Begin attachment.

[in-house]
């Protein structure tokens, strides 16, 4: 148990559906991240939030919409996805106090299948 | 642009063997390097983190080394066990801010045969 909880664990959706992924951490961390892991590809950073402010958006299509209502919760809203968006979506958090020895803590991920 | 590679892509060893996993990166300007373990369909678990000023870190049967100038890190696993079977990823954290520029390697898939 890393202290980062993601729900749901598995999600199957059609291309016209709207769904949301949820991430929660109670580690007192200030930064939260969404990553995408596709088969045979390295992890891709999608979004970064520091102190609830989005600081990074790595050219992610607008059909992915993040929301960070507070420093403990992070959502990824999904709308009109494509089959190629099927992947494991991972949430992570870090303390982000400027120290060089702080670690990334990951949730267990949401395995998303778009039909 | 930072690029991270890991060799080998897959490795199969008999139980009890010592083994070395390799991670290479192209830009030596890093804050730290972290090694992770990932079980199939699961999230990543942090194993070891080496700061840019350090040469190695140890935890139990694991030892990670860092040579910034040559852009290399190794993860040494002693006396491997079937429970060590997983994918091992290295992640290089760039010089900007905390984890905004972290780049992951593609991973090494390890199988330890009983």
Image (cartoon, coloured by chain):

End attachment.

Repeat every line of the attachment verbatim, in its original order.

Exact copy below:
[in-house]
């Protein structure tokens, strides 16, 4: 148990559906991240939030919409996805106090299948 | 642009063997390097983190080394066990801010045969 909880664990959706992924951490961390892991590809950073402010958006299509209502919760809203968006979506958090020895803590991920 | 590679892509060893996993990166300007373990369909678990000023870190049967100038890190696993079977990823954290520029390697898939 890393202290980062993601729900749901598995999600199957059609291309016209709207769904949301949820991430929660109670580690007192200030930064939260969404990553995408596709088969045979390295992890891709999608979004970064520091102190609830989005600081990074790595050219992610607008059909992915993040929301960070507070420093403990992070959502990824999904709308009109494509089959190629099927992947494991991972949430992570870090303390982000400027120290060089702080670690990334990951949730267990949401395995998303778009039909 | 930072690029991270890991060799080998897959490795199969008999139980009890010592083994070395390799991670290479192209830009030596890093804050730290972290090694992770990932079980199939699961999230990543942090194993070891080496700061840019350090040469190695140890935890139990694991030892990670860092040579910034040559852009290399190794993860040494002693006396491997079937429970060590997983994918091992290295992640290089760039010089900007905390984890905004972290780049992951593609991973090494390890199988330890009983």
Image (cartoon, coloured by chain):